Particularly “modern” architecture. Hmm, one wonders if that phrase will ever come to mean contemporary architecture rather than architecture from age that sanity and taste forgot.
Main points: Modern architecture was, indeed, awful. It even represented bad economics. Things are starting to get better.
Brian wanted it to be known that he wasn’t coming to this as a complete amateur and so e-mailed me with the following:
At the start of the conversation I forgot to say what got me interested in architecture in the first place. The answer is that for two years around 1970 I was, briefly, a failed architecture student. I confused being interested in architecture with wanting to be an architect. But I had no talent for architecture, and quite lacked the skill of architectural drawing in any way. I should have realised sooner, but did eventually, and carried on simply being an enthusiastic observer of architecture.
But, having been an architecture student I did acquire and insider knowledge of how architecture people thought and felt.
I would add that the process of me working out what was wrong with the thinking behind the Modern Movement in Architecture and the process of becoming a libertarian were one and the same process.
That bit at the end could make a jolly good podcast in and of itself. Some other time perhaps.
In case some listeners were unfamiliar with some of the buildings and structures mentioned here are some photos:
Topics ranged from the continuing glory of Clive Woodward and the origin of the word “try” to why you should never allow your prop forward to go skiing. Best quote: when Brian Ashton gets described as looking like “...an accountant who’s just been fired for being too dull.”
My feeling on panel discussions is that it is vitally important to make it clear who is talking. So, at the outset I had intended to announce the speaker’s name every time and before he opened his mouth. Well, that didn’t work and degenerated into announcing the speaker’s name after he’d already started talking, sometimes. So, I would be interested to know how it sounds to any listeners out there who aren’t familiar with our voices. Is it easy to work out who is talking at any given moment?
There are also some annoying thumps and bumps which I thought I’d worked out how to eliminate.
On the positive side, all our voices are reasonably audible. Not bad considering there was only one mic to play with.
Update 17/10/07. From a ”friend”: “Who needs Ambien with stuff like this on the web?”
A week ago it all seemed so simple: we (or rather Brian) had a grand theory of Conservative Party ungovernability worked out. All we had to do was to watch while the Conservative Party put this grand theory into practice and then podcast about it on the Monday.
Well, that was the plan. All I can say is that a week really is a long time in politics and no plan survives contact with the Enemy Class.
So, our podcast was a bit of a ramble, starting with the Tories and ending up with Shakespeare via junior flunkeys fourth grade and Jim Callaghan.
At one point Brian mentions the growth of the state over the course of the 20th Century. This encouraged me to dig out this graph from here (warning: PDF) which illustrates the point.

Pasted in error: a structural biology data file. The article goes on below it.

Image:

Tax as a proportion of GDP
Oh, and to illustrate another point, here’s Theo Spark’s take.
Oddly enough, Peter Briffa’s been getting back onto the podcasting bandwagon too, saying more or less the same thing. I am sure it’s spite.
Oh, I almost forgot to mention. There’s a bit of swearing. On our podcast, not Peter’s who is far too prim and proper to stoop to that kind of thing.
Update Michael Jennings has just rung me up to point out that the podcast seems to end very abruptly and whether it is supposed to or not. To which the reply is that, yes, it does end abruptly and, yes, it is supposed to. We had actually run out of things to say. We had half an idea to come back to it but never did and then I cut out some of our deliberations at the end. This is one of those things we will get better at over time.
Earlier on today, Brian Micklethwait and I sat down to record a podcast about Victor Davis Hanson’s Why The West Has Won: nine landmark battles in the brutal history of Western victory - the result of which you can listen to by clicking the link at the bottom of the page.
Summary: Yes, the West does win, there are reasons why it wins, and it’s none too nice about it.
Just in case you were wondering, the nine battles were:
We also managed (amongst other things) to mention Isandlwana. This was a battle the British managed to lose immediately before Rorke’s Drift.
Brian has referred to Todd many times over the years but it was only recently that he dedicated a number of blog postings to Todd’s works.
At the time it seemed a good subject for a podcast but by the end we both agreed that we’d bitten off more than we could chew. The implications of Todd’s theories about ideology and literacy are as far-reaching as they are controversial and neither of us felt at the time we had come anywhere near to doing them justice.
As it happens, listening to it the whole way through, I was forced to revise that opinion. I thought it was actually quite good.
You can download it here.
When about a year ago Brian first mooted that he was planning to get into podcasting I thought this was definitely something I should have a go at. I’d always rather fancied myself as an interviewer.
Why it has taken a year to equip myself with a microphone is another matter but I’ve finally got around to it and my first interviewee/victim was my good friend and fellow Transport Blogger, Michael Jennings talking about sport in Australia.
As a first stab at a podcast (or should that be padcast?) it’s not too bad. The quality is pretty good, although it could do with a few less thumps and bumps and I need to think a bit about my positioning. I think Michael sounds very good, but I am a bit too far away from the mic and sitting in front of a rather echoey wall. These are the sorts of things that you get better at with practice.
As far as the interviewing itself goes, all I can say is that it isn’t as easy as it sounds. I was lucky in that Michael is a good interviewee who is happy to talk but I may run into trouble with a more taciturn subject. My intention had been to get Michael talking and say as little as possible myself. In the end, I still think I said too much. And there were a few other don’ts to carry over to next time. Such as:
Don’t mumble… or stumble
Don’t go “Uh, huh”
Don’t divert the conversation into irrelevant matters
Actually, the whole mumbling and stumbling business is a bit of an issue. Until I started recording my own voice I had no idea how much I did it. It’s amazing I have any friends at all. It’s certainly something that needs to be addressed pronto.